Mrs. Wermuth competes in two circuits currently. One is the Natural Athlete Strength Association (NASA) and the Amateur Athletic Union (AAU). NASA holds a competition twice a year in Dallas and AAU has a Las Vegas event she has participated in for the past five years. Mrs. Wermuth has finished first in each competition she has entered. She admits there are not as many women to compete against, so it is not as hard, but it still requires a lot of work to be ready and prepared on competition day. She is determined to get records in 2016 in her age and weight class. She missed them by just a few pounds in her last competition and she knows she can get them this year.

Besides Zoe, her dog who visits the store every day, Mrs. Wermuth has three more fur babies at home. Because of her love for animals, she participates in various activities to support the Frisco Humane Society. Each year at the store, Zoe has a birthday party and donates 10 percent of the sales for the day to the Humane Society. They invite the Frisco chapter to bring out animals to help find their forever homes. One of her own fur babies was adopted in 2014 from the Frisco Humane Society.

Mrs. Wermuth also supports Frisco Family Services. She and her husband have participated in the Thanksgiving drive and even created a t-shirt that said “Small Town Girl.” For every shirt sold, Distinctively Hers donated $5 to the local charity. They raised close to $500 total! They also help with donations for area schools and stay active and involved in the community.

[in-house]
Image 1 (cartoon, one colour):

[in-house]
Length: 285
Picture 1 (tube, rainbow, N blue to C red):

Distinctively Hers is a relatively casual, moderately-priced store. The store carries a wide selection of clothing, shoes and jewelry to cater to age groups including teenagers to older clients. The couple has plans to open a second location this spring. The advantage to shopping at Distinctively Hers (besides seeing Zoe) is the personal relationships built with clients. The store keeps track of your purchases so they can learn your tastes and help your friends or family gift shop for you. Mrs. Wermuth works hard to build honest relationships with clients to make sure that what they buy looks great on them! Distinctively Hers, Mrs. Wermuth’s pride and joy, is a homegrown boutique built from love and a real understanding that service matters. It is a place where women can go to find value, get on-trend clothing and get to know Mrs. Wermuth. Whether you want to find a great new pair of jeans or you need tips on improving your bench press, Mrs. Wermuth has you covered!